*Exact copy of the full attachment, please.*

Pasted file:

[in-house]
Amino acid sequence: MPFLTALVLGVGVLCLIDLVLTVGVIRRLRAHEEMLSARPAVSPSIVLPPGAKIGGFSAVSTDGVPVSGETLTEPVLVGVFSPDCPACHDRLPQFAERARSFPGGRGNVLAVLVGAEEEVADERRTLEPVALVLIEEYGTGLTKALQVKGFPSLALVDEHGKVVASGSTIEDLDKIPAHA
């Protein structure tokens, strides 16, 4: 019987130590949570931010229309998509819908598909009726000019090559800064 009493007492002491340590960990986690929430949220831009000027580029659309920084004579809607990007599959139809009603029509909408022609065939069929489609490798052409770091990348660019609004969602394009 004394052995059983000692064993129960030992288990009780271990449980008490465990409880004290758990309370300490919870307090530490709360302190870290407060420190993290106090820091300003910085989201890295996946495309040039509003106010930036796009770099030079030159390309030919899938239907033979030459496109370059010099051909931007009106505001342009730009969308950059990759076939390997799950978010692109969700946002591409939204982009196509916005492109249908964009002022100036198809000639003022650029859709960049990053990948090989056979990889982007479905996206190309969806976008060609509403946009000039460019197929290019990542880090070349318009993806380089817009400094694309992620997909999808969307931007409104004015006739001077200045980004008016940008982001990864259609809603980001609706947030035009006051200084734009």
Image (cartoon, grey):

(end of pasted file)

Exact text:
[in-house]
Amino acid sequence: MPFLTALVLGVGVLCLIDLVLTVGVIRRLRAHEEMLSARPAVSPSIVLPPGAKIGGFSAVSTDGVPVSGETLTEPVLVGVFSPDCPACHDRLPQFAERARSFPGGRGNVLAVLVGAEEEVADERRTLEPVALVLIEEYGTGLTKALQVKGFPSLALVDEHGKVVASGSTIEDLDKIPAHA
């Protein structure tokens, strides 16, 4: 019987130590949570931010229309998509819908598909009726000019090559800064 009493007492002491340590960990986690929430949220831009000027580029659309920084004579809607990007599959139809009603029509909408022609065939069929489609490798052409770091990348660019609004969602394009 004394052995059983000692064993129960030992288990009780271990449980008490465990409880004290758990309370300490919870307090530490709360302190870290407060420190993290106090820091300003910085989201890295996946495309040039509003106010930036796009770099030079030159390309030919899938239907033979030459496109370059010099051909931007009106505001342009730009969308950059990759076939390997799950978010692109969700946002591409939204982009196509916005492109249908964009002022100036198809000639003022650029859709960049990053990948090989056979990889982007479905996206190309969806976008060609509403946009000039460019197929290019990542880090070349318009993806380089817009400094694309992620997909999808969307931007409104004015006739001077200045980004008016940008982001990864259609809603980001609706947030035009006051200084734009």
Image (cartoon, grey):